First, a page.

Share one of your favourite song/lyrics one at a time for three days.

Nominate three other bloggers each day.





Filed under challenge, music, Uncategorized

Dangerous Game

Spying – Word of the Day


Margaretha Geertruida MacLeod (nee Zelle) better known by her stage name Mata Hari (1876 – 1917), who was convicted by the French as a German spy during WW1. Historians have since demonstrated that she was betrayed by all, her lover, the French officers who recruited her, the justice system (an oxymoron if ever there was one), her fellow spies and others. She was convicted and executed even though there was no substantive evidence, other than that they said it was because as a woman she could not be trusted and she would use her wiles. She was indeed a victim, a scapegoat.

Dangerous Game

I was lost in your face,
your eyes sparkled
laughter like champagne.
You reeled me in,
my small talk generously indulged,
I thought one drink would cure my curiosity.
Besides, I had work to do,
family waiting.
But you had other plans,
your hand on mine
Me all gibberish,
pulse racing,
I agreed.
Just how did you do that?
room 20,
you draped on the ottoman,
gold, bejewelled bra,
Salome unveiled.
Beguiled, seduced,
I gave you my all.
My French for German,
secrets, unzipped,
pleasure washed over me
in waves of guilt.
Whispers exchanged,
I woke alone, betrayed.
Even so, for just one more touch,
I would trade anything.

©Paul Cannon




Filed under history, life, love, poetry, Sex, war

Day 2 – Lyric Challenge

Something – Lyrical Challenge Day 2

Thank you to OJSPRIDE for the challenge, go check out her blog.

So day two and my choice today is George Harrison’s ‘Something’ from the Beatles’ ‘Abbey Road’ album of 1969 (completed in August of that year). I am a fan of the Beatles, George in particular. This was his first A-side single with the band. This was the Beatles last recording as a band, though Let It Be, which was recorded in January 1969 was released in May 1970, so Let It Be was the last album to be released by the band.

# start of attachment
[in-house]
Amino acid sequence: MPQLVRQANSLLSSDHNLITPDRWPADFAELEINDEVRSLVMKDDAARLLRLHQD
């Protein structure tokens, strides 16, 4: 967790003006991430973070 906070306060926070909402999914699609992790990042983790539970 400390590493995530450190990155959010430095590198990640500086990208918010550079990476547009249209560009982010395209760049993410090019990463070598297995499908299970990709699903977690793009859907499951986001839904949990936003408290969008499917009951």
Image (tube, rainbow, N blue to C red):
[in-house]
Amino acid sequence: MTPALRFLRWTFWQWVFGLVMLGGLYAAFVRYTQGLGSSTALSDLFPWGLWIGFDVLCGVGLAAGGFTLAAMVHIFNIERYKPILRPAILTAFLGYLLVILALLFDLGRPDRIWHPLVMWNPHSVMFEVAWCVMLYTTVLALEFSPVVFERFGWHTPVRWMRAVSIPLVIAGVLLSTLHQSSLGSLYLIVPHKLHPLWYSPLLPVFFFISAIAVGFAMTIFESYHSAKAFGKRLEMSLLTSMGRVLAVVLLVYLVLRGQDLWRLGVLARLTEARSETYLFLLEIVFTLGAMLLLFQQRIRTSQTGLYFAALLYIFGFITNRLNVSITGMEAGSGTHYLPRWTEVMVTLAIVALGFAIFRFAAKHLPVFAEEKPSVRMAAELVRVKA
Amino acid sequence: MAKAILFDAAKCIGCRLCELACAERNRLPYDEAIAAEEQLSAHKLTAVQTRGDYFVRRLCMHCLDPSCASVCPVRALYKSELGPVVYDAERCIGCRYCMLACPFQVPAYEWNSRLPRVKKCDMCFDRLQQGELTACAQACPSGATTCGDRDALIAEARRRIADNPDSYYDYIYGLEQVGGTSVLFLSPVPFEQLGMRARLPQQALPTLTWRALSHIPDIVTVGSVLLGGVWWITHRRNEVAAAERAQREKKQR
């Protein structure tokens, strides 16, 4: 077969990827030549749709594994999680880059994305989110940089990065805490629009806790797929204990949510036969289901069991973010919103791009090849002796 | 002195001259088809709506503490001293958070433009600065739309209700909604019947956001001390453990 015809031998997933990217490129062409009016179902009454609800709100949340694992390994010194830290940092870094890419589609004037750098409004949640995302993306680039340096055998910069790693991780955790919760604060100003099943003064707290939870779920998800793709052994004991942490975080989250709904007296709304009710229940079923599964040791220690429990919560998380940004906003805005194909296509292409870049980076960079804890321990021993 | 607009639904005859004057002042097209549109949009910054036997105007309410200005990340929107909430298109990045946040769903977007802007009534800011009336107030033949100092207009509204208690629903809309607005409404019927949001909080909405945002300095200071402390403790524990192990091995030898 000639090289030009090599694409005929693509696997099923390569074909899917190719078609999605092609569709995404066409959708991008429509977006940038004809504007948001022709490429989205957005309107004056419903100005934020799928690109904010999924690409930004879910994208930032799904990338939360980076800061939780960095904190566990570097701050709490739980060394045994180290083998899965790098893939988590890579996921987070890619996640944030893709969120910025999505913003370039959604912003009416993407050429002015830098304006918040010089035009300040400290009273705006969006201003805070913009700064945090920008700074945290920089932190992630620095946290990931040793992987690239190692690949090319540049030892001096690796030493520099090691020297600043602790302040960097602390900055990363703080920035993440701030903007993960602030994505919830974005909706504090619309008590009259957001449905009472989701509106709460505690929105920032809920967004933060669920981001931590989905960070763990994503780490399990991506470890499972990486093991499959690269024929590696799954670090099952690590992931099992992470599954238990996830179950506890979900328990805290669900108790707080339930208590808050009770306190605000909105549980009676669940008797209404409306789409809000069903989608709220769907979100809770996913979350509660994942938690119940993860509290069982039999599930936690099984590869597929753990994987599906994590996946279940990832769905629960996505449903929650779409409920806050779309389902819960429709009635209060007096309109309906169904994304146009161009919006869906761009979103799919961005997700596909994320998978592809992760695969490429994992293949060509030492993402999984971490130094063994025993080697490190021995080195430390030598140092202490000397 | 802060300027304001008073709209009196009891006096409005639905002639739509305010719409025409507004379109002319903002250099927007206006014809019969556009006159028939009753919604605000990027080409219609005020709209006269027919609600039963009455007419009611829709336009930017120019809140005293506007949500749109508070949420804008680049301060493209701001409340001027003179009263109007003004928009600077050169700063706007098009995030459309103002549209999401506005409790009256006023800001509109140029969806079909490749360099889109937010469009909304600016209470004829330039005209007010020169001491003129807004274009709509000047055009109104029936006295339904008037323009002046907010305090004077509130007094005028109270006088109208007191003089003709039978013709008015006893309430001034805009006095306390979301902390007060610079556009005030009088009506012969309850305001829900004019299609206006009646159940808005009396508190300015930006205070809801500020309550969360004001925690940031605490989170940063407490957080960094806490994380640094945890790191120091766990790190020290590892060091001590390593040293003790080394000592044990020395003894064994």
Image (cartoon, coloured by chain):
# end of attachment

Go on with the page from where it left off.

Something in the way she moves
Attracts me like no other lover,
Something in the way she woos me.
I don’t want to leave her now,
You know I believe and how.

Somewhere in her smile she knows
That I don’t need no other lover.
Something in her style that shows me.
I don’t want to leave her now,
You know I believe and how.

You’re asking me will my love grow,
I don’t know, I don’t know.
You stick around now it may show,
I don’t know, I don’t know.

Something in the way she knows
And all I have to do is think of her,
Something in the things she shows me.
I don’t want to leave her now,
You know I believe and how.


©Harisongs Pty Ltd, George Harrison

My three nominations are for this challenge:

Fabric That Made Me

Crushed Caramel (Leaner At Love)

Words for Life


Thank the person who nominated you.

Share one of yo ufavourite song/lyrics one at a time for three days.

Nominate three other bloggers each day.





Filed under challenge, music, poetry

An Anamnesis of Joy

Redolent – Word of the Day


On the road to Jindalee, one of many places where a breakaway occurs creating sharp contrasts in colour and texture.


An Anamnesis Of Joy

To listen for the sound where there is none,
save for the elegance of birdsong,
nature’s grand opera.
Or a whistling breeze, when it can be bothered
to sigh along the gullies and through the trees.
The smell of eucalyptus, like laundry day,
nanna removing stains the old way.
Dust in my nostrils as my soles kiss the earth,
the crunch of grit,
and that dry feel of summer’s arrival.
The familiar buzz of flies,
a bead of sweat
released from winter’s cold cell.
And, overwhelmed by a sense of joy,
wanting to tell everyone,
I exclaim, again,
to no one in particular,
“I have no words!”
Just the silent liturgy of feeling,
An anamnesis of joy,
of a past now present once more.

©Paul Cannon





Filed under bush walking, Country, nature, poetry, seasons